Ad­ven­turer aims to be first to travel from Canada to Hawaii us­ing pedal power


pleted a to­tal of a dozen.

Kolodziejzyk found his love of en­durance sports ex­panded into an­other area of in­ter­est where he be­gan won­der­ing about the lim­its to hu­man power.

“It was the kind of thing that re­ally ap­pealed to me per­son­ally, not only the tech­ni­cal chal­lenges — how can we build th­ese ve­hi­cles that will max­i­mize ef­fort from a hu­man be­ing.”

The de­ci­sion to em­bark on his lat­est ad­ven­ture, called “Pedal The Ocean,” was made af­ter Kolodziejzyk earned his first world record on land in 2006. He ped­alled 1,041 kilo­me­tres around a race­track in 24 hours in Crit­i­cal Power, a car­bon­fi­bre bul­let bike.

“I’m a big be­liever in con­tin­u­ally chal­leng­ing my­self with some­thing new,” he said. “I don’t re­ally have a whole lot of ex­pe­ri­ence be­ing out on the ocean, so this was some­thing that re­ally in­trigued me.”

Ev­ery two weeks, he spends 24 hours in the boat to try and sim­u­late what a day would be like out on the ocean. He’s also putting in 20-30 hours of train­ing each week, which at this point is all cycling.

De­signed by naval ar­chi­tect Stu­art Bloom­field and en­gi­neer Brian Wil­loughby, WiTHiN is ca­pa­ble of high speeds of eight to nine km/h in good con­di­tions. It is pow­ered by a drive leg which is in­serted through a well into the for­ward area of the cock­pit that turns a twobladed pro­pel­ler.

WiTHiN will dou­ble both as Kolodziejzyk’s trans­porta­tion and his tem­po­rary home while out on the wa­ter.

The 5-foot, 11-inch ad­ven­turer, who is also a mo­ti­va­tional speaker, will spend the bulk of his days in a cock­pit span­ning more than a me­tre across and roughly two me­tres from his seat to the front win­dow.

There is a sleep­ing cabin and a stor­age com­part­ment to hold more than 100 days worth of food and sup­plies. His twoway ra­dio, por­ta­ble com­puter, satel­lite phone, com­puter, GPS, iPod and au­topi­lot will all be pow­ered by so­lar pan­els and a wind gen­er­a­tor.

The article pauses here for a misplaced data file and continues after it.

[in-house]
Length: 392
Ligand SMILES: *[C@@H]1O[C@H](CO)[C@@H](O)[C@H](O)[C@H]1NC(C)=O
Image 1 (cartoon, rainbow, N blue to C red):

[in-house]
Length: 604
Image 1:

Kolodziejzyk plans to cre­ate pod­casts and post blog up­dates dur­ing the jour­ney, as well as trans­mit small JPEG im­ages daily.

Next week marks his sec­ond at­tempt at a sea trial of WiTHiN af­ter ex­pe­ri­enc­ing a drive leg fail­ure while at­tempt­ing to cir­cum­nav­i­gate Van­cou­ver Is­land last fall.

Kolodziejzyk and Howard will take turns in the sleep­ing cabin and cock­pit with plans to go round-the-clock for four to five days un­til they make it to Port Hardy at the north end of the is­land. An­other sea trial is planned for the beginning of April west of Tofino, B.C.

Kolodziejzyk is us­ing his ad­ven­ture to ad­dress his con­cerns about obe­sity in Canada and to of­fer sup­port to un­der­priv­i­leged kids.

He is invit­ing peo­ple to spon­sor a mile of his jour­ney for $50. For ev­ery mile he ped­als across the Pa­cific, the char­ity Kim­ber­lee’s Bikes for Kids will do­nate a bi­cy­cle to a child in need in Canada.

The Cana­dian Press

The WiTHiN hu­man-pow­ered, ocean-cross­ing ex­pe­di­tion boat is tested at the Glen­more reser­voir in Cal­gary on Oct. 24, 2009. Greg Kolodziejzyk is pre­par­ing to em­bark on a 4,800-kilo­me­tre jour­ney to par­adise — but he won’t be book­ing a flight to get there. The Al­berta ad­ven­turer al­ready holds world records for the most dis­tance trav­elled by hu­man power on land and on wa­ter.

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